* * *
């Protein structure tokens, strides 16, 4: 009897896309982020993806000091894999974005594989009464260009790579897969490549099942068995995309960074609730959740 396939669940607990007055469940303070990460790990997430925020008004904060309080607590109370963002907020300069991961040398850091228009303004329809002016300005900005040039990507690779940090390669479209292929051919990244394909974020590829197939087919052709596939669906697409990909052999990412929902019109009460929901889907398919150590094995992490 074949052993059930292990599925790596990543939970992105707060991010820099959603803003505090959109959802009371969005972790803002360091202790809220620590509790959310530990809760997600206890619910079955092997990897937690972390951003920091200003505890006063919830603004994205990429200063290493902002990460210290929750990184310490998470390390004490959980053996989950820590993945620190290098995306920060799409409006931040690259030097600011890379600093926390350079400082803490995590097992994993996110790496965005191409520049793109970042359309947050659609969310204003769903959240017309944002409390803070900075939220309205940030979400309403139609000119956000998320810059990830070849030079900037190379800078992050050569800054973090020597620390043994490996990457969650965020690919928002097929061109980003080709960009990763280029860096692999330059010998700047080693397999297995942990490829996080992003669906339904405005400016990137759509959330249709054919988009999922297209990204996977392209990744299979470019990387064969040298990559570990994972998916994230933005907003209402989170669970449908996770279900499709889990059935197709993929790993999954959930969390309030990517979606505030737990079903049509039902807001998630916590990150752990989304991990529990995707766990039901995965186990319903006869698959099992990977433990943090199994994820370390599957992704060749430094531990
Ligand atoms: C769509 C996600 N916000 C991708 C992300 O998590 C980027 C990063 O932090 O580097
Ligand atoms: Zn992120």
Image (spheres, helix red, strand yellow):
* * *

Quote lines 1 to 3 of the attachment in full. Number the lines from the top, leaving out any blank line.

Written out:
């Protein structure tokens, strides 16, 4: 009897896309982020993806000091894999974005594989009464260009790579897969490549099942068995995309960074609730959740 396939669940607990007055469940303070990460790990997430925020008004904060309080607590109370963002907020300069991961040398850091228009303004329809002016300005900005040039990507690779940090390669479209292929051919990244394909974020590829197939087919052709596939669906697409990909052999990412929902019109009460929901889907398919150590094995992490 074949052993059930292990599925790596990543939970992105707060991010820099959603803003505090959109959802009371969005972790803002360091202790809220620590509790959310530990809760997600206890619910079955092997990897937690972390951003920091200003505890006063919830603004994205990429200063290493902002990460210290929750990184310490998470390390004490959980053996989950820590993945620190290098995306920060799409409006931040690259030097600011890379600093926390350079400082803490995590097992994993996110790496965005191409520049793109970042359309947050659609969310204003769903959240017309944002409390803070900075939220309205940030979400309403139609000119956000998320810059990830070849030079900037190379800078992050050569800054973090020597620390043994490996990457969650965020690919928002097929061109980003080709960009990763280029860096692999330059010998700047080693397999297995942990490829996080992003669906339904405005400016990137759509959330249709054919988009999922297209990204996977392209990744299979470019990387064969040298990559570990994972998916994230933005907003209402989170669970449908996770279900499709889990059935197709993929790993999954959930969390309030990517979606505030737990079903049509039902807001998630916590990150752990989304991990529990995707766990039901995965186990319903006869698959099992990977433990943090199994994820370390599957992704060749430094531990
Ligand atoms: C769509 C996600 N916000 C991708 C992300 O998590 C980027 C990063 O932090 O580097
Ligand atoms: Zn992120």